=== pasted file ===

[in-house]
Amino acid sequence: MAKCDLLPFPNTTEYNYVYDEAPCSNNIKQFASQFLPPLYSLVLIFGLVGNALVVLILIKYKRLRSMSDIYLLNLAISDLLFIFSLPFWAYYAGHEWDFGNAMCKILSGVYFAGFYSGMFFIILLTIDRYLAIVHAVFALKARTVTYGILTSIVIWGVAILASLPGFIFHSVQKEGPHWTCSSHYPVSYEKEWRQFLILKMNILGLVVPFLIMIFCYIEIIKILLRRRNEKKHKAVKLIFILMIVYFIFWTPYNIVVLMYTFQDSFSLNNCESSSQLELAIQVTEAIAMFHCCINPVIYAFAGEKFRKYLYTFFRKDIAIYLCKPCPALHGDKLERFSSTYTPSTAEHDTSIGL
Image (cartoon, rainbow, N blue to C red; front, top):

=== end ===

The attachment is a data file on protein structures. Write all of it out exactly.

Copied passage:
[in-house]
Amino acid sequence: MAKCDLLPFPNTTEYNYVYDEAPCSNNIKQFASQFLPPLYSLVLIFGLVGNALVVLILIKYKRLRSMSDIYLLNLAISDLLFIFSLPFWAYYAGHEWDFGNAMCKILSGVYFAGFYSGMFFIILLTIDRYLAIVHAVFALKARTVTYGILTSIVIWGVAILASLPGFIFHSVQKEGPHWTCSSHYPVSYEKEWRQFLILKMNILGLVVPFLIMIFCYIEIIKILLRRRNEKKHKAVKLIFILMIVYFIFWTPYNIVVLMYTFQDSFSLNNCESSSQLELAIQVTEAIAMFHCCINPVIYAFAGEKFRKYLYTFFRKDIAIYLCKPCPALHGDKLERFSSTYTPSTAEHDTSIGL
Image (cartoon, rainbow, N blue to C red; front, top):